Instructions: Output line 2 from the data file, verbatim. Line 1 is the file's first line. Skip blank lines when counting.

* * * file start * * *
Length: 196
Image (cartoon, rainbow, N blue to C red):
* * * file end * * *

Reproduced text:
Image (cartoon, rainbow, N blue to C red):